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Sir Alec Guinness

Peter T. 07 Aug 00 - 06:44 PM
Amergin 07 Aug 00 - 07:01 PM
Jon Freeman 07 Aug 00 - 07:02 PM
Naemanson 07 Aug 00 - 07:06 PM
Irish sergeant 07 Aug 00 - 07:16 PM
Dave Swan 07 Aug 00 - 07:23 PM
Bud Savoie 07 Aug 00 - 07:46 PM
Bud Savoie 07 Aug 00 - 07:46 PM
Peter K (Fionn) 07 Aug 00 - 08:07 PM
thehiker 07 Aug 00 - 08:33 PM
Áine 07 Aug 00 - 08:36 PM
catspaw49 07 Aug 00 - 08:54 PM
GUEST,ymagery 07 Aug 00 - 09:20 PM
kendall 07 Aug 00 - 09:26 PM
SINSULL 07 Aug 00 - 09:41 PM
Rick Fielding 07 Aug 00 - 09:41 PM
thosp 07 Aug 00 - 09:49 PM
catspaw49 07 Aug 00 - 10:05 PM
Naemanson 07 Aug 00 - 10:30 PM
CamiSu 07 Aug 00 - 11:24 PM
balladeer 08 Aug 00 - 12:24 AM
PoohBear 08 Aug 00 - 12:31 AM
thosp 08 Aug 00 - 12:44 AM
thosp 08 Aug 00 - 12:48 AM
Big Mick 08 Aug 00 - 01:02 AM
PoohBear 08 Aug 00 - 01:39 AM
Llanfair 08 Aug 00 - 03:50 AM
Bat Goddess 08 Aug 00 - 08:04 AM
GUEST,Roger the skiffler 08 Aug 00 - 08:12 AM
GUEST,Evelyn 08 Aug 00 - 08:56 AM
Shanti 08 Aug 00 - 12:50 PM
Easy Rider 08 Aug 00 - 01:29 PM
Peter K (Fionn) 08 Aug 00 - 03:15 PM
GUEST,Colwyn Dane 08 Aug 00 - 04:02 PM
gillymor 08 Aug 00 - 04:41 PM
Shanti 08 Aug 00 - 09:43 PM
Bill Hahn//\\ 09 Aug 00 - 07:23 PM
Peter K (Fionn) 09 Aug 00 - 08:00 PM
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Subject: Sir Alec Guinness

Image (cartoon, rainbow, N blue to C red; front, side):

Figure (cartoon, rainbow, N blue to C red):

From: Peter T.
Date: 07 Aug 00 - 06:44 PM

A bit more indulgence (a note on the Mudcat theatre call board, perhaps). With the death of Sir Alec, 2000 is turning out to be the extraordinary end of a theatre era, whatever it may be elsewhere. Guinness always idolized Sir John Gielguid as his mentor, so both passing within months of each other is fitting, if sad.
Many actors are always themselves, others like disguises -- such was Guinness. Always incredibly fastidious: The Bridge on the River Kwai maybe his masterpiece (or Kind Hearts and Coronets, a different kind of fastidiousness). The greatest irony: the horrifying discovery at the end of the first part of Star Wars that they had already killed off by far the best actor in the series (necessitating bringing him back as a ridiculous ghost thereafter)! But he made a good Obi Wan Kenobi -- a figure of genial stature, who embodied mature wisdom. Another irreplaceable treasure.

yours, Peter T.


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Subject: RE: Sir Alec Guinness
From: Amergin
Date: 07 Aug 00 - 07:01 PM

Yes he is....He was one of the finest actors of all time...no one today can hold even a spark to him....

Amergin


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Subject: RE: Sir Alec Guinness
From: Jon Freeman
Date: 07 Aug 00 - 07:02 PM